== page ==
However, few Arab countries having set future-driven policies and strategies to prepare for the advent of these innovations. In terms of policy responses priority, the survey said governments should offer skill building for the digital economy (such as coding workshops, for example) as policy to address the advent of the Fourth Industrial Revolution, including for children, in addition to supporting research and development.
In his address during the launch of the report, Prof. Raed Awamleh, Dean of the Mohammed Bin Rashid School of Government commented on the report’s findings: “It is important to highlight that upskilling, education, and research and development, are the top three areas where policy responses are required for this new era of development according to the survey findings. Policymaker should take note of the public awareness and appreciation of what priorities should be put in place to take advantage of the opportunities presented by the fourth industrial revolution.”
Dr. Ali Al-Marri, Executive President of Mohammed Bin Rashid School of Government commented on the launch of the report by saying: “Building the government of the future requires that policymakers in the region have better understanding of the multifaceted dynamics of the ongoing digital transformations brought about by the Fourth Industrial Revolution in the Arab Region. During this fast-changing phase, the School will continue to empower future leaders through educational activities and evidence-based policy research.”
As the title suggests, the Arab World Online 2017 report examines online activity around the Arab world, looking into how Arab users consume online material and services, including sharing economy services, instant messaging apps, and video and voice calling apps. The study revealed that media and news consumption online has increased over the past two years: More than 92% of respondents reported using the internet for socialising on monthly basis, making it by far the most popular online behaviour, while some 79% of people said that they consume news online on monthly basis.
Additionally, 77% of users in the region use the internet for career-oriented goals on a monthly basis, whereas 72% consume music, video and multimedia online, 26% use it monthly for gaming purposes, and 68% use it for educational activities, including researching and taking online courses. E-Commerce was less prevalent in the region with 40% of respondents doing online shopping and retail activities at least once a month, while a third of them (33%) use online government services online on a monthly basis. When asked about sharing services and open data, 82% of respondent thought it important for the government to use open data.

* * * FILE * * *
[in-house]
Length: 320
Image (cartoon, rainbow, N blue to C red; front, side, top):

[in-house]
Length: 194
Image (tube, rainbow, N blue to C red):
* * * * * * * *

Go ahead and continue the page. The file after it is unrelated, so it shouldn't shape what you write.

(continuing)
The report also estimates that online monthly spending online has increased from 2.7 billion dollars two years ago, to 7.3 billion dollars today. Rabea Ataya, CEO, Bayt.com, said during the launch: “When we started Bayt.com in 2000, internet usage in the Arab world was still in its infancy, but even then we realized that it could have an amazing impact on people’s lives. This is one reason why this growth enabled us to create a medium to empower millions of people in the region to lead better lives by providing them with the online tools, technology, and information to lead lifestyles of their choice. Today, there is still massive opportunity to leverage technology to improve the lives of the people of our region.”
The Arab World Online report series is a collaborative effort between the research team at the Mohammed Bin Rashid School of Government and Bayt.com, examining digital transformation in the Arab region over the past five years. This third edition of the series continues its assessment of what it refers to as the “decade of digital transformation” in the Arab region. It examines penetration trends of internet, mobile, broadband, messaging apps, social media and IoT in the region between 2010-2020. This third volume of the report also provides projections on the growth trends towards the year 2021. The findings are based on a mass regional survey of almost 20,000 respondents from 22 Arab countries.
The full report is available for download on MBRSG’s website: www.mbrsg.ac.ae. Launched in 2005, the Mohammed Bin Rashid School of Government is the first research and teaching institution that focuses on governance and public policy in the Arab world. The School offers a combination of education and training programmes, in addition to research and studies, in order to empower future leaders and offer scientific basis for decision making.